Fight the fear, take the stage
Last week, tabloids were abuzz with news of multiple Grammy Award winner Adele admitting to shelling out a monthly rent of �47,000 to rehearse in isolation at Sir Paul McCartney's old LA mansion, to overcome stage fright. The 24-year-old, who is scheduled to perform live at the Academy Awards, has been visiting hypnotherapists to help curb this fear. Ruchika Kher spoke with psychologists and celebrities to understand this phenomenon, and if it's possible to keep it under chec
When you watch your favourite performers on stage, enthralling you with their pulsating acts, you would never think about the effort and the anxiety that goes behind it. But in today’s world of cut-throat competition, stage fright has become a common phenomenon, not just with upcoming celebrities but also with the most established and seasoned stars.
“Stage fright can happen to anyone. In fact, bigger the star, more the expectations. So, it’s not that only people who are relatively new face the fear of stage. Bigger celebrities go through it too,” says psychiatrist Dr Anjali Chhabria. “I knew an actress, who had a huge fear of performing on stage because she knew that there are no retakes there. So, each time before a stage show, she would experience a lot of anxiety. At that time, everyone was told to stay away from her because she would get very stressed.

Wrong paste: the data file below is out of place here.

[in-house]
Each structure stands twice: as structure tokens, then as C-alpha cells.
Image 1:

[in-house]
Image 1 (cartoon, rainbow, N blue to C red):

Only her very close friend and her hair stylist were allowed to be with her. She would even pop pills to relax before the performance,” reveals Chhabria. The doctor explains the condition of stage fright as optimum anxiety, which is required for a good performance. “When people are nervous or anxious before a show, it helps them perform better because they want to fulfill all expectations and hence give their best,” she adds.
The famous face it too
Singer Barbara Streisand, artistes Lady Gaga and Sonu Nigam, and Salman Khan have admitted to stage fright
Citing more reasons, Chhabria informs that anxiety, which results from stage fright can be genetic and can also be a learned behaviour. If one has an anxious mother, there are huge chances that one will be an anxious person too. But it usually happens when one has fallen at some point in life and the memory of that time keeps bothering the person.
Not just one
Singer Sonu Nigam, who has been singing in films and performing on stage for almost two decades now, classifies stage fright into three types. According to him, the first category is when one feels that one won’t be able to give his/her best because of any physical ailment that one is suffering from.
“I’m a singer and my my throat is my machine. If my voice is damaged, there is not much that I can do. This has happened once, when just before a show, I felt that my throat wasn’t sounding fine because of fever, or cold and cough. Those have been times when I have felt nervous, because I know I won’t be able to give my 100 percent,” says Nigam.